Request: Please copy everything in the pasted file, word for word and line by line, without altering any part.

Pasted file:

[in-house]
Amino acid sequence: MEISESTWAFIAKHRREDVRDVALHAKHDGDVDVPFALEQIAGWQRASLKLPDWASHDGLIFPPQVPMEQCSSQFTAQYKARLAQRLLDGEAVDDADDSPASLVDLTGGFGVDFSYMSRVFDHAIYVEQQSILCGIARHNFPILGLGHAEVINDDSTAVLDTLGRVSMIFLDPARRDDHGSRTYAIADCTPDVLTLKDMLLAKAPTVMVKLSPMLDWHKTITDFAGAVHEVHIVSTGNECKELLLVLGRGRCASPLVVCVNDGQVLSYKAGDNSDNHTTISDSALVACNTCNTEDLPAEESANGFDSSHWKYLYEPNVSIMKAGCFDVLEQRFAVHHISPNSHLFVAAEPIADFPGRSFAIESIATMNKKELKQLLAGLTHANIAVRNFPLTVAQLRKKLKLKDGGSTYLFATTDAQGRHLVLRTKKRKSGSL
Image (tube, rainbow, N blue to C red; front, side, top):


[in-house]
Amino acid sequence: MEISESTWAFIAKHRREDVRDVALHAKHDGDVDVPFALEQIAGWQRASLKLPDWASHDGLIFPPQVPMEQCSSQFTAQYKARLAQRLLDGEAVDDADDSPASLVDLTGGFGVDFSYMSRVFDHAIYVEQQSILCGIARHNFPILGLGHAEVINDDSTAVLDTLGRVSMIFLDPARRDDHGSRTYAIADCTPDVLTLKDMLLAKAPTVMVKLSPMLDWHKTITDFAGAVHEVHIVSTGNECKELLLVLGRGRCASPLVVCVNDGQVLSYKAGDNSDNHTTISDSALVACNTCNTEDLPAEESANGFDSSHWKYLYEPNVSIMKAGCFDVLEQRFAVHHISPNSHLFVAAEPIADFPGRSFAIESIATMNKKELKQLLAGLTHANIAVRNFPLTVAQLRKKLKLKDGGSTYLFATTDAQGRHLVLRTKKRKSGSL
Image (tube, rainbow, N blue to C red; front, side, top):